In applying this standard, a district court must "read the facts alleged in the complaint in the light most favorable" to the plaintiff and accept the factual allegations as true. H.J. Inc., 492 U.S. at 249, 109 S.Ct. at 2906; Scheuer v. Rhodes, 416 U.S. 232, 236, 94 S.Ct. 1683, 1686, 40 L.Ed.2d 90 (1974), overruled on other grounds by Harlow v. Fitzgerald, 457 U.S. 800, 102 S.Ct. 2727, 73 L.Ed.2d 396 (1982); Christ Gatzonis Elec. Contractor, Inc. v. New York City Sch. Constr. Auth., 23 F.3d 636, 639 (2d Cir. 1994); see also Leatherman v. Tarrant County Narcotics Intelligence and Coordination Unit, 507 U.S. 163, 165, 113 S.Ct. 1160, 1163, 122 L.Ed.2d 517 (1993) (citing Fed.R.Civ.P. 8(a)(2) to demonstrate liberal system of `notice pleading' employed by the Federal Rules of Civil Procedure).

The Court's duty "is merely to assess the legal feasibility of the [amended] complaint, not to assay the weight of the evidence which might be offered in support thereof." Geisler v. Petrocelli, 616 F.2d 636, 639 (2d Cir. 1980). Accord Goldman v. Belden, 754 F.2d 1059, 1067 (2d Cir. 1985). The appropriate inquiry, therefore, is not "whether a plaintiff will ultimately prevail but whether the claimant is entitled to offer evidence to support the claims." Scheuer, 416 U.S. at 236, 94 S.Ct. at 1686; Ricciuti v. New York City Transit Auth., 941 F.2d 119, 123-24 (2d Cir. 1991) (noting that plaintiff is not compelled to prove his or her case at the pleading stage).

Additionally, a claimant is not required to set out in detail the facts upon which he or she bases a claim. Conley v. Gibson, 355 U.S. 41, 47, 78 S.Ct. 99, 103, 2 L.Ed.2d 80 (1957). A claimant need only give a statement of his or her claim that will give defendant "fair notice of what the . . . claim is and the grounds upon which it rests." Id. Therefore, where a complaint is filed that charges each element necessary to recover, dismissal of the case for failure to set out evidential facts can seldom be warranted. United States v. Employing Plasterers Ass'n of Chicago, 347 U.S. 186, 189, 74 S.Ct. 452, 454, 98 L.Ed. 618 (1954). Individual allegations, however, that are so baldly conclusory that they fail to give notice of the basic events and circumstances of which the plaintiff complains are meaningless as a practical matter and, as a matter of law, insufficient to state a claim. See Barr v. Abrams, 810 F.2d 358, 363 (2d Cir. 1987). Additionally, on a motion to dismiss, a complaint shall be deemed "to include any written instrument attached to it as an exhibit or any statements or documents incorporated in it by reference . . . and documents that the plaintiff[] either possessed or knew about and upon which [they] relied in bringing the suit. . . ." Rothman v. Gregor, 220 F.3d 81, 88-89 (2d Cir. 2000) (citations omitted).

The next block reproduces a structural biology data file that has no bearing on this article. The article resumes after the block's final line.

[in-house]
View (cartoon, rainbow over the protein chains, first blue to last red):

2. Rule 12(b)(1) Standard

A defendant may move to dismiss pursuant to Rule 12(b)(1) in two separate ways. He can either attack the complaint on its face, arguing that the Plaintiff has failed to allege facts supporting subject matter jurisdiction or he can argue that factually, jurisdiction is lacking. See Tasini v. New York Times Co., Inc., 184 F. Supp.2d 350, 353 (S.D.N.Y. 2002) (citing Sniado v. Bank Austria AG, 00 CIV 9123, 2001 WL 812236, at *1 (SD.N.Y, Jul. 18, 2001)), see also Greater New York Hosp. Assoc. v. United States, 98 CIV 2741, 1999 WL 1021561, at *4 (S.D.N.Y. Nov. 9, 1999).

The material that is reviewable by a court differs depending upon the type of attack being made. On a motion to dismiss brought pursuant to Fed.R.Civ.P. 12(b)(1) based on a facial defect in the complaint, the court should review the complaint, deeming all averments as true, for sufficiency. However, if Defendant has made a factual challenge to the Plaintiffs allegations in the complaint to the effect that jurisdiction is lacking, "the Court may consider affidavits and other material beyond the pleadings to resolve the jurisdictional question." Araujo v. John Hancock Life Ins. Co., 206 F. Supp.2d 377 (E.D.N.Y. 2002) (citing Robinson v. Gov't of Malaysia, 269 F.3d 133, 141 n. 6 (2d Cir. 2001)). Further, truth of the allegations in the complaint is not presumed "rather, the burden is on the plaintiff to satisfy the Court, as fact-finder, of the jurisdictional facts." Tasini, 184 F. Supp.2d at 353-54 (quoting Guadagno v. Wallack Ader Levithan Assoc., 932 F. Supp. 94, 95 (S.D.N.Y. 1996), aff'd, 125 F.3d 844, 1997 WL 609007 (2d Cir. 1997) (citations omitted)). It is within the above framework that the Court will review the Defendant's motions to dismiss.

ANALYSIS

1. Defendant's argument that the United States has not consented to suit in the manner contemplated by the Plaintiff

Although unclear from Defendant's moving papers, the Court discerns Defendant's argument with respect to sovereign immunity to be that Plaintiff has not cited the proper authority for her basis of jurisdiction in federal court or that she has failed to meet all of the requirements to commence suit. Plaintiff cites various Internal Revenue Code sections as authority for jurisdiction as well as 28 U.S.C. § 1331 as a basis for federal question jurisdiction. Initially, subject matter jurisdiction over the commencement of this action is validly found in 28 U.S.C. § 1346, which provides:

(a) The district courts shall have original jurisdiction, concurrent with the United States Claims Court, of: